I am so sorry for the bit of a sabbatical. I have been busy keeping up my Facebook page
and researching for clients. However, it was recently brought to my attention that the Dennison Hotel building on Main Street with its iconic ghost sign was sold with the intent for possible demolition. So I was asked to dig into the history of the building to see when and why it was constructed.
|Rearview of the Dennison Hotel building|
Source - UrbanUp
The building was originally constructed in 1892 for the G. B. Schulte Sons Company. They were in the iron and steel business, making springs, axles, wood work, blacksmiths' and wagon makers' tools, carriage and wagon hardware, according to their listing in the Williams' City Directory. The company purchased the land in 1891 and demolished the prior two-story building.
|1891 Sanborn Insurance Map - Source|
|The address in the article is an error. It was the current address of the company, not the future one.|
Cincinnati Enquirer; Nov 22, 1891; p. 10; ProQuest
This article also has a typo in the company name. There is no E. B Shulte's Sons Co. in the directories.
Cincinnati Enquirer; Mar 31, 1892; p. 12; ProQuest Historical Newspapers
The G. B. Shulte Sons Company remained in business at this location until 1930,when it evidently closed either from the Great Depression or the increase in sales of the automobile. In 1931, Globe-Wernicke
Service Company and Kelsall-Voorheis Inc, both office furniture companies, announced they would be using the first three floors of the building. The rest would be converted into a hotel, originally called the Main Hotel until 1933, when it was changed to the New Dennsion Hotel. The original Dennison Hotel had been located at Fifth and Main Streets and was demolished in 1932.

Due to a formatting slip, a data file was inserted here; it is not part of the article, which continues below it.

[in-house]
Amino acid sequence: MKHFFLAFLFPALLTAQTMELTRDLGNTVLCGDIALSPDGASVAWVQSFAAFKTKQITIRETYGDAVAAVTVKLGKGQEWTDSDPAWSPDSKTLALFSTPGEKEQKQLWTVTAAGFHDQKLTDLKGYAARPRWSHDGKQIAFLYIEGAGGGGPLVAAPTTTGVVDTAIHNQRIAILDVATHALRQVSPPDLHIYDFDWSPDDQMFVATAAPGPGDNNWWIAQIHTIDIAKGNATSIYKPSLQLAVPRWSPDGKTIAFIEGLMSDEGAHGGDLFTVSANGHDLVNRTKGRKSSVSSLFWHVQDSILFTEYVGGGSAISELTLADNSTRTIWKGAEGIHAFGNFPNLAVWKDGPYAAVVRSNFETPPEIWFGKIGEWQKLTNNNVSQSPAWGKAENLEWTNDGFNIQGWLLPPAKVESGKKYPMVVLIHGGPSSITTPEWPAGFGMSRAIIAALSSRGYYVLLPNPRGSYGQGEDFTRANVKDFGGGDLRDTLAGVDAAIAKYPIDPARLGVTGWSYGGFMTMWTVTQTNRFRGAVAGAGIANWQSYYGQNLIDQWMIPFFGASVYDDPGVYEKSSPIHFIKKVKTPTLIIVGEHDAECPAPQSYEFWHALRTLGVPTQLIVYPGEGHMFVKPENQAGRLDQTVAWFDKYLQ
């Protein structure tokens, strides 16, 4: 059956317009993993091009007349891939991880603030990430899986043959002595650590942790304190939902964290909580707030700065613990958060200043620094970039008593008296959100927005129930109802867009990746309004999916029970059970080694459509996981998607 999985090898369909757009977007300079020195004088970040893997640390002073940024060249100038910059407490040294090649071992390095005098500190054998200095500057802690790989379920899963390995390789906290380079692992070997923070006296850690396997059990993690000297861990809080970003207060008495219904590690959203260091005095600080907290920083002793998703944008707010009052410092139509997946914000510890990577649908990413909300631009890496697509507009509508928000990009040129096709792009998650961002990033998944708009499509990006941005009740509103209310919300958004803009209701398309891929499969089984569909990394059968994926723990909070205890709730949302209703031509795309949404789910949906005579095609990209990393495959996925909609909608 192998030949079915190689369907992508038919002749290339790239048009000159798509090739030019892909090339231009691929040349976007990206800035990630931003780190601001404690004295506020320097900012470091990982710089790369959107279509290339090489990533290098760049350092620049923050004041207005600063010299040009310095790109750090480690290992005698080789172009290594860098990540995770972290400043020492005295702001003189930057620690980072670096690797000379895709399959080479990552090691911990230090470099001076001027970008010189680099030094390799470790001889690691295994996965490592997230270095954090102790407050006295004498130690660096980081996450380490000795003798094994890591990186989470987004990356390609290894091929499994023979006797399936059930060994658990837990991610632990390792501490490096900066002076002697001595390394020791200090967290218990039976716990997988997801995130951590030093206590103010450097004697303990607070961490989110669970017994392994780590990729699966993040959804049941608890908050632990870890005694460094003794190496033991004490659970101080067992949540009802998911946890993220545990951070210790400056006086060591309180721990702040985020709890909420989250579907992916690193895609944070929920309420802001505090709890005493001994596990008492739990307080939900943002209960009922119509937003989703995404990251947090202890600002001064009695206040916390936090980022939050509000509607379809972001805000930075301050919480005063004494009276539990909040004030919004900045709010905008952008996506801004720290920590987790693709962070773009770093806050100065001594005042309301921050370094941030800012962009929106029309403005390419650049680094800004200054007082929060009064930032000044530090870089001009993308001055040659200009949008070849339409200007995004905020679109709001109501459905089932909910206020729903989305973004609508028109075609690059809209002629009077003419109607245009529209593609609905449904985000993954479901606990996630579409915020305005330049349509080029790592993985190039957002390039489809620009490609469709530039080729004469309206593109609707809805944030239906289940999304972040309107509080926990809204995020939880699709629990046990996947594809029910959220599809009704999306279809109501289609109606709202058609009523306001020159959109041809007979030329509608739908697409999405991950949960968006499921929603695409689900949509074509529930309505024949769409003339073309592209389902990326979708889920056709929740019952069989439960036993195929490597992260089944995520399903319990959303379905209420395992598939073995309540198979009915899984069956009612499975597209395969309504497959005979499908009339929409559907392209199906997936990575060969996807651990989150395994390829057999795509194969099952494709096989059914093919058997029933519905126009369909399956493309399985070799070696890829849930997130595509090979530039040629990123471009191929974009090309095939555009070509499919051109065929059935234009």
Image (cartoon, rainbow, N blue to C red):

By 1940, only Kelsall-Voorheis Inc. and the hotel remained. The hotel became known as a place for affordable housing for the less fortunate. Housing rates in 1999 were $30.63 per day and $88.40 to $110.50 per week.
|Cincinnati Enquirer; 01/14/1931; p. 26|
In 2011, it was announced that the building had been purchased by The Model Group and, with help from 3CDC and the Cincinnati Metropolitan Housing Authority, the building would get a renovation to 63 studio apartments, but continue to serve as low income housing. Entitled the Ironworks Apartments, Talbert House was to provide supportive services for the residents and a storefront cafe for a place for residents to gain job experience.
However, these plans did not come to fruition, and in July, 2013, the building was sold to CBD Holdings Inc. for $1,277,473. Just one month later, the building was sold again to the Columbia Oldsmobile Company for $744,431. There has not been a public announcement for the reasons for the sale, but word on the street is that the newest owner plans to demolish this building. Observers noticed this week that dumpsters were in place, but the workers at the building declared they were just removing leftover bedding and other items that could be a fire risk. The Cincinnati Preservation Association is aware of this possible demolition and have put it on their watch list.